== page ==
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Linguistic bottlenecks.

Byline: By Denis Kilcommons

The Plain Language Commission is celebrating its 25th anniversary with a competition to find the worst offender of writing gobbledook over the last 25 years.

Martin Cutts, who co-founded the organisation, believes the campaign for people and organisations to use plain English has been successful.

"Modern forms and leaflets are usually much clearer than in 1979, though often depressingly long. The worst mumbo-jumbo is in legal notices, contracts and regulations."

He has chosen a top 10 of the worst practitioners he has encountered in that time and he urges the public to vote for their three favourites via the Commission website <www.clearest.co.uk>.

They include contributions from Chancellor Gordon Brown, former US Vice President Dan Quayle, a train operator, councils, Cambridge University and British Rail's catering division.

The creators of Hammersmith and Fulham Council's district plan, for instance, rejected an everyday word in favour of planning jargon when they noted:

"Line 5. Delete Bottlenecks", insert "Localised Capacity Deficiencies".

Alexander Haig, the former US Secretary of State, is cited for the way he refsued a request for a pay rise by a subordinate:

"Because of the fluctuational pre-disposition of your position's productive capacity as juxtaposed to government standards, it would be momentarily injudicious to advocate an increment."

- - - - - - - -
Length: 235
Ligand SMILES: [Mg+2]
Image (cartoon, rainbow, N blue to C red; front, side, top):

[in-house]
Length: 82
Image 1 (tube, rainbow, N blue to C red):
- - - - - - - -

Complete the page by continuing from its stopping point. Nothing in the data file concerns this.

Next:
Even Justin Timberlake sneaks into the list. He exposed Janet Jackson's star encrusted nipple on American television and described the incident as merely: "A wardrobe malfunction."

And then there is St Helens Play Council who defined play as:

"The freely chosen and personally directed enactment of a group of non-goal orientated behaviours which become progressively more complex with experience and which in themselves facilitate the development of an equivalent range of tools (ie skill and abilities) without which any species evolution cannot continue."

Well, I'm glad that's clear.
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Title Annotation:Features
Publication:Huddersfield Daily Examiner (Huddersfield, England)
Date:Aug 5, 2004
Words:300
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